void loop() 
{
  //float scale = 2.77; // old remote is slower.
  //uint8_t addr = 0x4; // south lights
  //uint8_t addr = 0xC; // north lights

  float scale = 1; 
  uint8_t addr = 0x0; // new switch
  
  turnOn(addr, scale);
  delay(1000);  
  
  turnOff(addr, scale);
  delay(1000);
}

The cool thing is this hacked remote can now turn on any of my remote switches simply by changing the 16 bit address, and/or the scale on the speed depending on whether I’m controlling old or new switches. The turnOn and turnOff functions look similar:

void turnOn(uint8_t addr, float scale)
{
  digitalWrite(POWER_PIN, TOGGLE_ON);
  delay(1);
  uint16_t onSignal = makeSignal(true, addr);
  sendSignal(onSignal, scale);
  digitalWrite(POWER_PIN, TOGGLE_OFF);
}

void turnOff(uint8_t addr, float scale)
{
  digitalWrite(POWER_PIN, TOGGLE_ON);
  delay(1); 
  uint16_t offSignal = makeSignal(false, addr);
  sendSignal(offSignal, scale);
  digitalWrite(POWER_PIN, TOGGLE_OFF);
}

where the helper function makeSignal combines the prefix 0x68 with the on/off nibble and the address nibble:

uint16_t makeSignal(bool on, uint8_t addr)
{
   uint16_t signal = 0x68;
   signal <<= 4;
   if (on) {
    signal += 0x2;
   }
   else {
     signal += 0x1;
   }   
   signal <<= 4;
   signal += (0xF & addr);
   return signal;
}

and the sendSignal function writes the preamble, and 4 repetitions of the signal, just to be sure. This seems reliable enough, but you could increase this repetition to whatever number you need to get 100% reliability.

void sendSignal(uint16_t signal, float scale)
{
  writePreamble(48, scale);
  delay(4);
  for (int i = 0; i < 4; i++) {
    writeBits(signal, scale);
    delay((int)(4.0 * scale));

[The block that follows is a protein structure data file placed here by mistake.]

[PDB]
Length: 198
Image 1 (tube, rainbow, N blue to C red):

} 
}

Ok, now down to the actual bit banging on the output line, simply raising it HIGH and LOW at the right time, the writePreamble does 48 fast pulses, at 200 microseconds:

void writePreamble(int len, float scale)
{
  for (int i = 0; i < len ; i++)
  {
    digitalWrite(SIGNAL_PIN, HIGH);
    delayMicroseconds((int)(200.0 * scale));
    digitalWrite(SIGNAL_PIN, LOW); 
    delayMicroseconds((int)(200.0 * scale));
  }
}

And writeBits writes out our sequence (like 0x671C) by bit shifting over that signal. Each bit starts with a rising edge then for a 1 bit, it keeps the pulse high for 600 microseconds, for a 0 bit, it drops that after 200 microseconds and leaves it low for the remaining 400 microseconds, then there’s a 200 microsecond low until the next bit.

void writeBits(uint16_t signal, float scale)
{
  for (int i = 0; i < 16 ; i++)
  {
    int bit = (signal & 0x8000);
    digitalWrite(SIGNAL_PIN, HIGH);
    if (bit) {      
      delayMicroseconds((int)(610.0 * scale));
    } else {
      delayMicroseconds((int)(200.0 * scale));
      digitalWrite(SIGNAL_PIN, LOW); 
      delayMicroseconds((int)(410.0 * scale));
    }
    digitalWrite(SIGNAL_PIN, LOW);
    delayMicroseconds((int)(210.0 * scale));
    signal <<= 1; 
  }
}

The exact numbers used in these delayMicroseconds calls is needed to match the signal from the IC chip, and the lack of neat round numbers here is probably because the internal oscillators on the IC versus the Arduino are slightly different. But this seems to work. The scale factor in the code is just so that I can control old and new remote switches with the same code.

See Arduino Source Code.

Now hook that up to a nice little Python script to toggle the lights at sunrise and sunset: Python Source Code.

Fun!